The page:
Monday, February 6, 2012

Table It!...Part 1

While at RootsTech, I had the pleasure of talking to Michelle, a follower of this blog. She suggested that I write about adding tables to a Word document. Michelle explained that she likes to use tables to show census results in reports that she prepares for clients.

I'm going to start this series with a tip on how to add rows to the middle of a table. I'm starting with this piece of info because most people work their way through inserting a table but struggle when they have to add a row mid table. The shortcut is so hidden that most people don't know about it and it's handy to know.

Add a Row Mid Table on the Fly
  1. After you have a table inserted, turn on the hidden codes and look for the little squares to the right of the table. In the example above, you need to insert a row between Michael Jones and Nathan Jones.
  2. Look at the end of the row for Michael Jones.
  3. Click your cursor to the right of the line ending the table row and the left of the little square.
  4. Press the Enter key. Word adds an empty row between Michael Jones and Nathan Jones and moves your cursor to the first empty cell.
This method works in any version of Word. After you know where to place your cursor, you don't need to have the hidden codes showing. You can simply click to the right of the row where you want to add the row and press Enter. However, you need to see the symbols the first time you insert a row so that you know why it's working.

I'll start at the beginning in my next post.


  1. As usual there are always multiple ways to do things!

    I have always placed my Cursor at the end of the line/row and then from the Toolbar selected Table ->Insert->Rows Above OR Rows Below.

  2. For every one way you'll find to do a task in Word, there are usually at least two other methods that work as well or better.

    Using the menu to insert (or remove) is the method that most people are aware of to add or remove rows. When you select from the menu, you can actually place your cursor anywhere in the row to add a row or do any number of other tasks.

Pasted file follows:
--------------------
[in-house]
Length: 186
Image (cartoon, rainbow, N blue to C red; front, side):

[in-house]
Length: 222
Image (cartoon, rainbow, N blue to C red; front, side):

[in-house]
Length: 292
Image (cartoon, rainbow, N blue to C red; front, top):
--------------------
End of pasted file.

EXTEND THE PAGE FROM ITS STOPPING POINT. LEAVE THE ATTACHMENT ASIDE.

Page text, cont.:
If you're working in Word 2007/2010, you can also right-click in a row (or beside a row) to display a popup menu and use the Insert option to add rows or columns.

    When you're moving fast, right clicking when trying to do a task brings up a context menu; that is, a menu with options related to the task that Word thinks you're trying to complete. Sometimes Word is way off. Other times Word shows a menu that will save you lots of time and effort.

  3. It was wonderful to visit with you earlier this month in Salt Lake! This little tip is a golden gem as it's much quicker than using either of the menu methods to quickly add a row.

    I'm just getting caught up and looking foward to reading the rest of the table series to learn what I've been missing!

  4. I was pleased to meet you too! I always enjoy meeting people who follow this blog. It gives me a chance to find out what type of info each of you might need.

    Writing a blog of this type is sorta like a message in a bottle. You hope you wrote the right message, and tossed the bottle at the right time and place so that the person who need the message finds it. Sooo...toss the bottle back my way (post a comment) when I'm not hitting topics you're interested in.